The easiest way to fix a broken story according to Jed Herne
Thanet Creative
by Guest Writer
3w ago
Jed Herne breaks his solution down into three stages: Character arc The three Ps Theme Character Arc There are five aspects to a character arc that Herne addresses: What do they want? What do they need? What is the lie they believe? What is the truth they must come to accept? What is their ghost? The Three Ps Promise Progress Payoff Theme The moral core of your story that characters must either accept or reject. This does not have to be explicit. This post The easiest way to fix a broken story according to Jed Herne was first published on Thanet Creative exclusively. It was written by G ..read more
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First Writers’ Meet and Critique Evening of 2024
Thanet Creative
by Matthew Brown
1M ago
This Thursday, come along to meet local writers, have your work critiqued or enjoy a drink at a lovely pub with great food. Large car park and buses stop outside. We are usually at table 8 in The Wheatsheaf Margate. The friendly staff will be happy to point us out. All writers, all skill levels, all genres. We aim to be a friendly safe space where exploration of writing and the writing life are our only focus. For work to be critiqued please bring 4 to 5 copies of 3 to 4 A4 pages, ideally double-spaced with 12-point font (or bigger). Other writers can then write feedback on the page next to yo ..read more
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Neil Gaiman on the antidote to rejection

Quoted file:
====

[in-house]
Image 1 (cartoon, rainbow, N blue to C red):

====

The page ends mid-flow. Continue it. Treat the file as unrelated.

Thanet Creative
by Matthew Brown
5M ago
In this video, best-selling author Neil Gaiman talks about rejection and how to handle it. This post Neil Gaiman on the antidote to rejection was first published on Thanet Creative exclusively. It was written by Matthew Brown for the Thanet Creative blog. If found on any other site, it was almost certainly stolen ..read more
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My problem with “was”
Thanet Creative
by Matthew Brown
6M ago
The word “was” is an easy fit when writing in the past tense. Along with “had” it is easy to use the word so hard and often that it becomes a distraction. While “was” is a good word and sometimes the right word, there are many times (such as in the example above) when a rewrite will produce a better passage. These edits – to remove “was” – can be hard. You have used the correct word. Why does it need to change? Once a reader notices how often the writer uses “was” every further example is going to be a distraction. Furthermore, the effort to find another way to say the same thing can give you ..read more
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5 hard-won editing tips
Thanet Creative
by Matthew Brown
8M ago
Editing your writing can be a hard process. At least, it is for me. Here are five tips that I think might help your editing and have certainly helped mine. 1. Identify your overused words My overused words include “was” and “has”. By using my wordprocessors find function with highlight all, I get a visual map of where I need to thin down such words. Here are some other commonly overused words Very: Often used as an intensifier “very” is a weak word choice. Try for a more intense word to begin with. Instead of “very sad” you could try “despondent”; instead of “very cold” you might like “freezi ..read more
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A conversation with a journaling coach